- The refill bourbon hogshead is sweet and fruity with honey and light spice. In a word: confectionery.
- The first fill bourbon barrel starts out really spicy on the palate and brings out sweet notes a bit into tasting it with a drying finish.
- The first fill American oak sherry hogshead was spicy and dry with notes of coffee and chocolate.
- The light first fill European oak butt had wood spice and citrus zest aplenty. This is a nice cask on its own, but it got TOTALLY overshadowed by cask 5.
- The dark first fill European oak sherry butt is flat out one of the best sherry bombs I have tasted. EVER. I’d marry that cask if bigamy were legal 😉 Dried fruit, treacle, leather, tobacco in the finish, which was dry and never ending.
My first step after tasting the five casks was to find a balance between the sweetness of the refill and the harsh spiciness of the first fill bourbon, and played around with the ratios. I ended up with three parts of cask 1 to one part of cask 2, which would make a beautiful unsherried whisky. It was time to work with the three sherry casks: First I tried cask number 3, and blended some of it with the bourbon matured malt. They don’t play well together, and this addition killed the nose. Casks 3+4 were pleasant together, but not more than that, so it was clear that my blend is going to be some combination of my nicely balanced ex bourbon whisky and cask 5.
3:1 was a ratio that worked well with the bourbon casks, so I figured I’d replicate it, this time with cask 5. You start by making 100 ml, and if you like what came out, you make another 100 and bottle them. 75 ml of cask 5, plus 18.75 ml of cask 1 and 6.25 ml of cask 2 gave me my final creation. I mixed it in the beaker, poured some into the copita and got an exact replica of the 18 year old Glengoyne, in cask strength. I nosed again and tasted…yup…it’s the 18. Jim tasted and agreed! Maybe it’s time for a career change?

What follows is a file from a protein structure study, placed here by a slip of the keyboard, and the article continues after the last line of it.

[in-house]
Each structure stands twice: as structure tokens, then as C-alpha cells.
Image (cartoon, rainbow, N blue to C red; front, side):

I made another 100 ml, bottled them up, and we were ready to finish up, when Jim remembered my asking in the still house if we could taste some new make, and got out a sample bottle of new make (we were in the sample room, after all).
This new make was distilled on 14.2.2012 and came off the still at 69.9% ABV. The new make is malty and fruity on the nose, with a lot of cereal and grain. The palate is cereal-y and dry and the finish is very long and tangy. From there we went to the shop, where I was planning to get a bottle your own bottle, but sadly the previous cask ran out and the new cask was not yet made available. Instead, I was treated to a taste of the excellent 15 and 26 year old single cask distillery bottlings that were on sale at the shop.
This post would be remiss without tasting notes for ‘Michael’s Own Glengoyne Single Malt’:
‘Michael’s Own’ Glengoyne ‘Malt Master’ 17 year old Cask Strength (57.8% ABV, NCF, NC)
Appearance: Mahogany, liquid is viscous with very slow and thin legs, leaving a lot of residue on the glass.
Nose: Sultanas, dark berry compote, fresh pineapple, warm wood spices with cloves pretty pronounced, old leather, dark chocolate, red wine notes. After a few minutes in the glass more dried fruit appear. A few drops of water bring out old dusty leather and strengthen the spices, with a hint of tobacco leaf and more chocolate.
Palate: Sweet attack, then perfumy spice followed by a deeper sweetness from the sherry, with notes of orange and rich chocolate. Thick, mouth coating and rather drying. Water makes it spicier with blackcurrant.
Linger: Dry and slightly bitter on the palate, like after an espresso. Dark fruit around the mouth, dryness inside the cheeks and long and spicy in the back of the throat. With the addition of water, the inside of the cheeks tingle with a strong sweetness.
Needless to say, a visit to Glengoyne is a must if you’re in the Glasgow area, and the Malt Master component is extremely informative and fun, and I would recommend upgrading the tour to include it. And the whisky…well, the 180 ml left of it (for now) will not last for long 🙂
I wish to thank the Glengoyne Distillery, Paul Jones, Yvonne Granger and Jim Carney for their hospitality and generosity in making this visit so memorable!